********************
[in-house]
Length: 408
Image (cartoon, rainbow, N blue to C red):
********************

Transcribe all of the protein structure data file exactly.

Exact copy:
[in-house]
Length: 408
Image (cartoon, rainbow, N blue to C red):